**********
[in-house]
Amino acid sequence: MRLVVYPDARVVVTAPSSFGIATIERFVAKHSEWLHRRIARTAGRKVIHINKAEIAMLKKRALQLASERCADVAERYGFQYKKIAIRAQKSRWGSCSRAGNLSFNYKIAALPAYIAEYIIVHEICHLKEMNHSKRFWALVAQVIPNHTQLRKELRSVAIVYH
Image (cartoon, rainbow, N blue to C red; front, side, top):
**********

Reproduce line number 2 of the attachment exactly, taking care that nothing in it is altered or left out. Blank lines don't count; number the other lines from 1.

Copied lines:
Amino acid sequence: MRLVVYPDARVVVTAPSSFGIATIERFVAKHSEWLHRRIARTAGRKVIHINKAEIAMLKKRALQLASERCADVAERYGFQYKKIAIRAQKSRWGSCSRAGNLSFNYKIAALPAYIAEYIIVHEICHLKEMNHSKRFWALVAQVIPNHTQLRKELRSVAIVYH